The moderate Syrian Kurdish leaders argue that YPG expanded its reach, fomented demographic changes while fighting Daesh and also drew a deep wedge between the Arab and Kurdish communities.
MERSIN, Turkey — Prior to the fateful battle of Kobani in northern Syria in 2014, Mustafa Ali Mousto says that he played the dangerous role of being an arbiter between Daesh and the PKK's Syrian extension YPG. The PKK is regarded as a terrorist group by Turkey and the US.
The 49-year-old Syrian Kurdish lawyer, Mousto, took up the challenge in hopes of saving tens of thousands of civilians from coming between the barrels of the two fighting forces. Both Daesh and the YPG have bad human rights records. While the former shocked the world with brutal beheadings and a rampage across Syria and Iraq, the latter adopted iron-fisted tactics to crush dissident voices emerging from within the Syrian Kurdish community.
By July 2013, the two sides were coming close to fighting a full-fledged war. "We saw the clash between Daesh and YPG was going to hurt people," Mousto told TRT World.
Mousto was a member of ENKS, an acronym for Syrian Kurdish National Council, a political group that believes in an inclusive Syria with all the ethnicities living peacefully alongside each other. "As one of the leaders of ENKS, I was responsible for mediation. I along with two more ENKS leaders went to see Daesh representatives. The YPG knew about it," he said.
As the war in Syria culminated into several proxy groups fighting under different regional and international agendas, Mousto's attempts to broker a truce between Daesh and YPG ended up pushing him into exile in Turkey.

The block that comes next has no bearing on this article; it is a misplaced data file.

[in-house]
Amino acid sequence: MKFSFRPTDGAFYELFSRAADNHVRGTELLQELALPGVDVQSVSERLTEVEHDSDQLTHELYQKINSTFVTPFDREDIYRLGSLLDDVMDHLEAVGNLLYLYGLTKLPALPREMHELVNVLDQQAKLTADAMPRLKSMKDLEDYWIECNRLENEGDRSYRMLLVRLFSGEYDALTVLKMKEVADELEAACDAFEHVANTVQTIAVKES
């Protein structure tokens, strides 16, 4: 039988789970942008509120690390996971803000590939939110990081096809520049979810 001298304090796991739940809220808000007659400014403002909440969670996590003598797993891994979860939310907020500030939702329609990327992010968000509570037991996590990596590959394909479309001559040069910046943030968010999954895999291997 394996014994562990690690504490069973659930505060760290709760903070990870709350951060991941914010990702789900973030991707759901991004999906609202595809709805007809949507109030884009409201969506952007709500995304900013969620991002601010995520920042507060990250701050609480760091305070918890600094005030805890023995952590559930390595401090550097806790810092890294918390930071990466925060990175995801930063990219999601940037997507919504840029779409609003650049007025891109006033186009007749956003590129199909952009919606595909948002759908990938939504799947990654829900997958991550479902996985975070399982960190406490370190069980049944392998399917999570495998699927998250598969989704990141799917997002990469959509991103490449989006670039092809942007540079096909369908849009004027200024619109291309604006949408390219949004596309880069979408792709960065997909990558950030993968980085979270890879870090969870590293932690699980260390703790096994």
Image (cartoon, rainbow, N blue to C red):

He now lives in Turkey's southeastern province of Gaziantep. His wife and five children accompany him.
He's a chain smoker and speaks with a mild rasp, fitted to a man on whom smoking has taken a toll.
Mousto said he engaged in talks with Daesh for more than three days in a small town west of Kobani named Shuyukh, where the members of Daesh, YPG, Al Nusra, and leaders of other opposition groups participated.
Mousto said Shuyukh, a predominantly Arab town, was central to the negotiations. Daesh and other Arab-dominated fighting groups like Al Nusra Front wanted towns like Shuyukh and Jarablus under their control. But the YPG had different strategic ambitions for the Arab towns ringing its Kobane canton.
Why was he chosen as a negotiator? He said there is one reason: he is a Syrian Kurd but has earned a reputation for speaking against both the YPG and the Assad regime. His political affiliation, the ENKS, challenged the emergence of the PYD, the political wing of YPG, in northern Syria on the grounds that the PYD and its militant and ideological mentor, the PKK, has long collaborated with the Assad regime, silencing the voices of opposition.
ENKS opposed the PYD’s oppressive policies toward other Kurdish parties, such as banning them for disagreeing with the PYD, imprisoning and assassinating anti-PYD figures.
On the first day of talks in late July, Mousto returned home with fatigue and a feeling of discomfort.
“I feared very much for his life,” Mousto's wife Nadya recalled. “I tried calling him several times but could not reach him at all.”
Nadya said since Mousto was engaging with groups that are known for carrying out deadly violence, she had sleepless nights until her husband returned home.
But the following day, Mousto went back to the Arab town Shuyukh to continue the reconciliation talks, hoping to strike a deal. Against all odds, he managed to secure a deal.
According to the deal, Mousto said, the Arab-populated territories would be held by the fighting groups led by Arabs, and the Kurdish enclaves would be held by the YPG, even though it meant going against the will of the majority and sidelining groups that defied both Daesh and YPG. A prisoner exchange between the YPG and Daesh and free movement of people between the Kurdish and Arab territories were some of the main features of the deal.
They also agreed on standing against the Assad regime in Damascus, he added.
But as Mousto made it back to Kobani, he was met with bad news. “When we got to Kobani, the YPG said they can't accept these conditions,” Mousto said, betraying a hint of frustration.